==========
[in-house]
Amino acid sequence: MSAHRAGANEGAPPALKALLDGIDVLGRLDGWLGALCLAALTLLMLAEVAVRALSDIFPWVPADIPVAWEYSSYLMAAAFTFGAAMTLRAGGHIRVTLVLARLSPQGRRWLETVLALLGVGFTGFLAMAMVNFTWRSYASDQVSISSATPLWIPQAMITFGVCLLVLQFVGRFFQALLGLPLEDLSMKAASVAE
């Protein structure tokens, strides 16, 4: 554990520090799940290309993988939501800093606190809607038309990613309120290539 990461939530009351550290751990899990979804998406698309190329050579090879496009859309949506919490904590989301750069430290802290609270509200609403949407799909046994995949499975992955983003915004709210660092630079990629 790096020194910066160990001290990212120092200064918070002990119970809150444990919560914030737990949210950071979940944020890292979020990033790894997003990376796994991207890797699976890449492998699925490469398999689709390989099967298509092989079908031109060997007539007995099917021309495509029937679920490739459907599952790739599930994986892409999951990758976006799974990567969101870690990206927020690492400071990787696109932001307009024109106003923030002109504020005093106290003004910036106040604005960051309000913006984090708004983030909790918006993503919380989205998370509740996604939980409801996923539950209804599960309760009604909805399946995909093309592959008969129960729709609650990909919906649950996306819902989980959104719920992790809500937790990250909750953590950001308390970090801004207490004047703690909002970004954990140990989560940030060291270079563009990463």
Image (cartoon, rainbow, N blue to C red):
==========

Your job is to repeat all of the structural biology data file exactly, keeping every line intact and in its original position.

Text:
[in-house]
Amino acid sequence: MSAHRAGANEGAPPALKALLDGIDVLGRLDGWLGALCLAALTLLMLAEVAVRALSDIFPWVPADIPVAWEYSSYLMAAAFTFGAAMTLRAGGHIRVTLVLARLSPQGRRWLETVLALLGVGFTGFLAMAMVNFTWRSYASDQVSISSATPLWIPQAMITFGVCLLVLQFVGRFFQALLGLPLEDLSMKAASVAE
């Protein structure tokens, strides 16, 4: 554990520090799940290309993988939501800093606190809607038309990613309120290539 990461939530009351550290751990899990979804998406698309190329050579090879496009859309949506919490904590989301750069430290802290609270509200609403949407799909046994995949499975992955983003915004709210660092630079990629 790096020194910066160990001290990212120092200064918070002990119970809150444990919560914030737990949210950071979940944020890292979020990033790894997003990376796994991207890797699976890449492998699925490469398999689709390989099967298509092989079908031109060997007539007995099917021309495509029937679920490739459907599952790739599930994986892409999951990758976006799974990567969101870690990206927020690492400071990787696109932001307009024109106003923030002109504020005093106290003004910036106040604005960051309000913006984090708004983030909790918006993503919380989205998370509740996604939980409801996923539950209804599960309760009604909805399946995909093309592959008969129960729709609650990909919906649950996306819902989980959104719920992790809500937790990250909750953590950001308390970090801004207490004047703690909002970004954990140990989560940030060291270079563009990463």
Image (cartoon, rainbow, N blue to C red):